Deputy attorney general Rosenstein destroys GOP's 'deeply wrong' attacks


'I am the deputy attorney general of the United States. OK?' Rosenstein said.

Republicans have been engaged in a months-long campaign to smear Deputy Attorney General Rod Rosenstein and undermine the Department of Justice's investigation into the Trump campaign.

But in a stunning moment during a House Judiciary Committee hearing Thursday morning, Rosenstein powerfully defended himself against what he called a "deeply wrong" personal attack from Rep. Jim Jordan (R-OH).

Jordan repeatedly badgered Rosenstein and accused him of "hiding information" from Congress.

"I want to know why you won't give us what we've asked for," Jordan said.

"Sir, I hope that your colleagues are not under that impression, it is not accurate, sir," Rosenstein began.

"It is accurate, we have caught you hiding information, Mr. Rosenstein," Jordan interrupted.

Then several Democrats on the committee jumped in to rebuke Jordan's bullying.

"Mr. Chairman, can we allow the witness to answer?" Rep. Eric Swalwell (D-CA) cut in. "We can go to Mr. Jordan's press conference and listen to him, but we came here to listen to the witnesses."

When Rosenstein tried to respond, Jordan interrupted and continued to accuse Rosenstein of "hiding information."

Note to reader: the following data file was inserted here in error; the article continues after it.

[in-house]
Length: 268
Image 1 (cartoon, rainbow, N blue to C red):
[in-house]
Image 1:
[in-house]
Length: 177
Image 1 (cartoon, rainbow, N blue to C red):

"Mr. Chairman, he should be given the opportunity to answer," Rep. Sheila Jackson Lee (D-TX) said.

When he finally did get to answer, it was something to behold. An obviously fed-up Rosenstein reminded Jordan who he was talking to — one of the nation's top law enforcement officials, who wasn't going to take baseless attacks on his character lying down.

"Mr. Jordan, I am the deputy attorney general of the United States. OK?" Rosenstein said. "I'm not the the person doing the redacting. I'm responsible for responding to your concerns ... and whenever you've brought issues to my attention, I have taken appropriate steps to remedy them. So your statement that I am personally keeping information from you, trying to conceal information from you —"

"You're the boss, Mr. Rosenstein," Jordan interrupted.

"That's correct!" Rosenstein responded emphatically. "And my job is to make sure that we respond to your concerns. Now, we have, sir. ... But your use of this to attack me personally is deeply wrong."

As part of the effort to undermine the investigation into Trump's obstruction of justice and his campaign's ties to Russia, Republicans have threatened to impeach Rosenstein over document requests that Rosenstein says are overly broad and could compromise the investigation.

Likewise, FBI Director Christopher has also warned that the Justice Department has an obligation "to protect sources and methods and not compromise ongoing criminal investigations."

Republicans are obviously only interested in protecting Trump and attacking the investigation — but clearly, Rosenstein and the Justice Department aren't just going to sit idly by and let that happen.

Published with permission of The American Independent Foundation.